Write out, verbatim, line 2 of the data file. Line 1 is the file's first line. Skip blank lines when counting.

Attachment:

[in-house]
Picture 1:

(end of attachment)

Picture 1: